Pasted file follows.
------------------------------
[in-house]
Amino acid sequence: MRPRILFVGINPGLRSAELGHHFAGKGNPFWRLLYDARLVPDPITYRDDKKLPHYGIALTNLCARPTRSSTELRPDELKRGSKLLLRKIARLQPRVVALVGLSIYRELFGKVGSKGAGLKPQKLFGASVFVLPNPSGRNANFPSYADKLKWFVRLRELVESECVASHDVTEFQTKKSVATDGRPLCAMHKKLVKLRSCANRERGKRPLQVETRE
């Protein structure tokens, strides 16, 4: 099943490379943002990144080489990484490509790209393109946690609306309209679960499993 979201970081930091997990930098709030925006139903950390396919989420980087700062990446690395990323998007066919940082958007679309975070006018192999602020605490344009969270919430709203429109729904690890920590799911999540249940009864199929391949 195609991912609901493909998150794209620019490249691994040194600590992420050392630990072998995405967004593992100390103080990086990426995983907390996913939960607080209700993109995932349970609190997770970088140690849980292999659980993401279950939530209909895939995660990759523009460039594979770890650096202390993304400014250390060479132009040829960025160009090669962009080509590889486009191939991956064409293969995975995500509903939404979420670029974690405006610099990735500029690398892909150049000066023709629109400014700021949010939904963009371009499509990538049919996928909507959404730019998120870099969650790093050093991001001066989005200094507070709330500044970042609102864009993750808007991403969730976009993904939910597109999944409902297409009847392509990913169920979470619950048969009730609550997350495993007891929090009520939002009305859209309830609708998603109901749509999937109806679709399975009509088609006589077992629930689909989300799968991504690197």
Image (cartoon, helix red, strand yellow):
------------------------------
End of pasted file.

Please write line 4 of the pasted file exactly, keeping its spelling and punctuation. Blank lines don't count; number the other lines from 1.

Image (cartoon, helix red, strand yellow):